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by Tamara Hillman
April Showers2011

April is here, and let’s pray the sun comes with it! Even April showers would be a welcomed sight in some areas if it meant snow would melt off faster because of warm, spring rains. We use to call late snows, ‘Rotters’ because when it fell from the sky hitting the old and dirty snow left on the ground, it would melt more and more of it away!

Many a time, I remember jumpin’ snow banks to hunt Easter eggs with my brothers and cousins. We thought nothing of it—that’s just the way things were in the Methow Valley. And, oh, was there a lot of mud everywhere. Dad always had to haul in extra gravel to fill muddy potholes in our driveway winter thaw had left behind.

Just the fact of it being spring once more meant lots of cleanup and work on the farm. Fences had to be propped up and wires stretched from tons of snow breaking them down, barns had to be raked out and what hay was left—stacked in neat piles, and chicken coops had to be shoveled out, (oh, what an icky smell of pure ammonia this stirred up, plus, you know what other stink was mixed in!)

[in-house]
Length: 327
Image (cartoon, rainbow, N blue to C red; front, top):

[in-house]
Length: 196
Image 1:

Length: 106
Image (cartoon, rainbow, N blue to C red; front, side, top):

Mom would immediately start her ‘Spring Cleaning’ in April too. She’d scrub down, and wash everything in the house, including curtains to be hung on the line ‘til dry in the Chinook winds.

Between Mom and Dad, there were plenty of cleanup chores to do, but we were so glad to be free and not cooped up indoors, we gladly volunteered. The air smelled so fresh, and the wind felt warm blowing through our hair. Wild flowers were everywhere—Buttercups covered the fields, (they love cow manure) and just below the snow line were beautiful Bluebells, and huge Sunflowers—these stunk to high heaven, but Mom being Mom, would actually put them in a fruit jar full of water, and set them on the kitchen table if we brought her a bouquet in our grubby little kid hands. Thank God, they wilted in a day.

Easter CrossEaster meant church services in our BEST HAND-ME-DOWN CLOTHES, where we learned the TRUE meaning of why we celebrate this special day of our Lord. Then, we’d be off to a huge meal at our house, or at the cousin’s place in town. And whatta meal it was—Mom’s cottage cheese and pear salad, ham, mashed potatoes, deviled eggs (made from those we kids hunted), breaded tomatoes, acorn squash from the cellar, dessert, and all the fresh milk we could drink! YUM! I don’t cook anywhere near that anymore, (nor do any of my friends) but in the fifties and sixties, THAT WAS TRADITION!

Upon request, I was asked to add a little tale I told on myself about needing to clean STUFF out of house ‘n home, and even my crammed full purse, so here it is…

Don’t miss the prose just below it about ‘Spring Rotters.’

Granny Tam


Pride Goeth Before Stuff

I pride myself in thinking I have an orderly house until I look about, and noticed it’s crammed full of unnecessary stuff!

Why do I collect hoards of items I do not need, will never use, and take very little joy in owning?